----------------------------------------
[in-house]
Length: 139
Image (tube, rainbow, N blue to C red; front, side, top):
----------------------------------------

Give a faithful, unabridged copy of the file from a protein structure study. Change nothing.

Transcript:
[in-house]
Length: 139
Image (tube, rainbow, N blue to C red; front, side, top):